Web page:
Developing Technology for In-House Production

In-House Production of Key Parts Crucial to the Endless Quest for Improvement

Our aim is to produce the world's best medical endoscopes and endotherapy devices.

The components needed in order to do so are not always available on the market, and so in these cases we must create the components ourselves, starting with the development of materials and manufacturing facilities.

Through this endless cycle of finding our own solutions to problems, Olympus has built a global reputation based on a unique range of products.

This determination to produce key parts in-house remains an integral part of the Olympus manufacturing culture and is a vital source of the technology that gives our endoscopes and endotherapy devices the competitive edge.

Endless Drive to Improve Endoscope Insertion Technology

One of the most important requirements for endoscopes is the ability to access the targeted areas quickly and minimizing the discomfort to patients, and gastrointestinal endoscopes in particular must be able to traverse long and twisting lumina smoothly.

It is important to make the insertion tube of endoscopes designed for use in the upper digestive organs as thin as possible so as to facilitate insertion and minimize the effect on the patient. Inserting an endoscope into the large intestine is not a simple procedure, and access to deeper areas requires enhanced endoscope performance, combined with advanced skills on the part of the medical practitioner performing the procedure.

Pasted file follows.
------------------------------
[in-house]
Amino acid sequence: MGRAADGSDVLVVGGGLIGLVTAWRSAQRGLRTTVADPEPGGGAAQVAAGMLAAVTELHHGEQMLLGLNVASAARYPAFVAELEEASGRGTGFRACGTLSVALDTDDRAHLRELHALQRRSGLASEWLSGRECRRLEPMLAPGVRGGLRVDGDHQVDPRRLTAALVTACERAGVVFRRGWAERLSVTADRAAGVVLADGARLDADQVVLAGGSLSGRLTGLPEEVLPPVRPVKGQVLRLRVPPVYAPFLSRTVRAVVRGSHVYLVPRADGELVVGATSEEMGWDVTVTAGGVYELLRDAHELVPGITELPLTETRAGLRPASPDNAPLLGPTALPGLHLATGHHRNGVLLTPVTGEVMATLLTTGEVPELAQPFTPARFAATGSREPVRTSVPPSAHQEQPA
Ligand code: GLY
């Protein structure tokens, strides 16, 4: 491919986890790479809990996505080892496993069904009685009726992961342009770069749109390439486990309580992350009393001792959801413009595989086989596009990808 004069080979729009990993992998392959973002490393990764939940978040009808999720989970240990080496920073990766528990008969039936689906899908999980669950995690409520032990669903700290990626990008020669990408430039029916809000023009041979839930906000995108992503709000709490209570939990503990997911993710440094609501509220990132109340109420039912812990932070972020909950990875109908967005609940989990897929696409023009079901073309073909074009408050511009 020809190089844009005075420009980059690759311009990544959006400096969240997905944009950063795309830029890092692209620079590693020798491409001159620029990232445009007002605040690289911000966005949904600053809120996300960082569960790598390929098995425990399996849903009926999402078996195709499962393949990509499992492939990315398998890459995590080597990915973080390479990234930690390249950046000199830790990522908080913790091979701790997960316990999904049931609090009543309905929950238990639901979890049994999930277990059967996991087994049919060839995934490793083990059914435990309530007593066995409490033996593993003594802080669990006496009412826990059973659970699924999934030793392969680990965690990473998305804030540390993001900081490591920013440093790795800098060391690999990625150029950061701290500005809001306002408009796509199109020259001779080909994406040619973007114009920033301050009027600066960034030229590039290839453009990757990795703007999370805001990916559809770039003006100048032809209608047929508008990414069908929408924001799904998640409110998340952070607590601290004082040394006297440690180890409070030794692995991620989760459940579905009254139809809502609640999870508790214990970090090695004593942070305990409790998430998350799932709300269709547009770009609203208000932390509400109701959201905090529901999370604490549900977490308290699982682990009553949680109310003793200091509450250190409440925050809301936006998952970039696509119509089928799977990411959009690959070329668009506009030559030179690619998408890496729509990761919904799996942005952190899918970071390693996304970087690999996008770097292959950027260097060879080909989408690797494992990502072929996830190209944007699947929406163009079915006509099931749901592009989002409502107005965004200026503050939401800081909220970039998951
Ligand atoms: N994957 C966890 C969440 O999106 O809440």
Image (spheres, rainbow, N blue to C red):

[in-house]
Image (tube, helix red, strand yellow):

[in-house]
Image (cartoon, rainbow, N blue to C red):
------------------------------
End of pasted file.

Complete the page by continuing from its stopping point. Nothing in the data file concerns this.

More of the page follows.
Endoscope manufacturers face two difficult tasks. First, is the need to facilitate endoscope insertion by making insertion tubes as thin as possible. Second, is the requirement of meeting the demands of medical practitioners concerning the design of insertion tubes. The development of insertion tubes that minimize patient stress while providing optimal operability for practitioners (bending, twisting, pushing, pulling) is an endless technological challenge.

If Parts are Unavailable on the Market, We Make them Ourselves

When Olympus first entered into the area of endoscope manufacturing, the technical expertise required for endoscopes was limited to design and lens production. Even if we had wanted to outsource endoscope components, there were no manufacturers making them or even interested in making them. So, in most cases, our only option was to make the components ourselves. This was the beginning of the development of our technology in this area. Needless to say, we were bound to face one obstacle after another. However, the necessity to do everything ourselves eventually worked to our advantage. This emphasis is reflected in the Olympus products of today. Olympus was determined to make all of the key components for endoscope insertion tubes in-house, including the tip parts with complex shapes, image guide made by bundling glass fiber, light guide fiber, bending section, bending rubber, and flexible connecting tube.

One of the most important components is a metal part attached to the tip of the endoscope. It has to be made from stainless steel to resist corrosion by highly acidic gastric juices. However, in the early 1960s there was no technology for cutting minute stainless steel components, and manufacturers specializing in cutting processes were unwilling to take on the task. Olympus painstakingly accumulated data by carrying out cutting tests to ascertain how final accuracy was affected by the type of steel used and the composition and the edge configuration of the cutting tools. Eventually we were able to develop technology for cutting stainless steel.

Medical endoscopes and gastrointestinal endoscopy scopes